"He sighed softly, finding a log to sit on, and motioned for the unicorn to do the same. "Why am I here? Because in some way, this is my home. It's where I was born, you might say."

The unicorn nodded, listening closely. His companion settled down close by, also listening intently to the unusual visitor to their realm. He sighed softly, and looked up at the clouds for a moment.

"Sometimes you get a feeling inside, a need to go somewhere. A homing instinct, you could call it. Mine is here. This is where I came from, where I'll always be a part of. My spirit lives here, you could say. It's a part of me that I can't deny exists.

"I've been wanting to come back, but I didn't get a chance to. Not until now. I've been making my way here for the last year and a half now, leaving what was my home in Alaska to wander down. Once I got closer, I heard a little of what had been happening here, which made it even more important to come down."

He sighed again, shaking his head. "Now that I'm here, I'm realizing I needed to be here sooner. Things are happening in this world, changes occurring outside. This is the only place I know of now where I can feel safe. No matter what, this place remains... it's beauty, it's magic. Always reassuring."

The mention of magic made both of them raise their heads in surprise. "What, you don't think I don't know about magic?" he chuckled softly. "I know quite a bit about magic, friends. Of magic and dreams, of things seen and unseen. I'm not quite as young as I look."

<I know. I can sense that from you.> The unicorn paused, then nickered again. <Much about you that you've left unspoken.>

The human fox nodded. "There's also things about you that we don't understand. Things we wouldn't expect from a normal human."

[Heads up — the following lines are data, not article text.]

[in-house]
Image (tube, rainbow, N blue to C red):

A soft laugh came from him. "Much I've left unspoken for reasons, my fine furred friends. And I haven't been called normal in any respect in years. But no doubt we'll touch those later on. For now, I think we need to find a place to settle down for the night. If I remember right, there's a nice little camp space about an hour ahead, near the waterfall."

The unicorn nodded. <There is. It's quite lovely, I and my mate enjoy the spot.> He started to trot off with his companion, then turned around. <Yes, I do have a mate. Are you surprised?>

A soft chuckle. "No, actually I'm not." He hefted his pack again, then caught up with the pair. "But I'm glad you're willing to talk and stay with me."

"Well, you have to admit you're quite an interesting puzzle." The human fox grinned slightly. "And one thing I enjoy are puzzles."

The unicorn nickered in agreement. <You need to talk. And I need to know.> He paused, then winked. <By the way, my name is Bob.>

"And I'm called Fox."

"Bob? Fox?" There was a soft chuckle. "Bob the unicorn and Fox the fox. Well, it's better than Frank the Unicorn. Otherwise I would have thought I was in a Phil Yeh comic." He chuckled again, enjoying another look of puzzlement on their faces. "Sorry, very old comic. I'm showing my age again." He shook his head in amusement and grinned. "Most folks generally call me trouble. But you can call me Tal."


Sunset arrived as they were settling down for the night at the spot. It was indeed quite a lovely place, with the water cascading down a cliff creating a soft roar in the air. The ground was warm, making for a comfortable resting place for them all.

They talked a little longer, more like friends chatting about the weather instead of as strangers who had just met hours before. Bob was put at ease by the fact that Tal never took himself seriously, and Fox found Tal both interesting and amusing. A sense of humor and of acceptance that he's rarely encountered.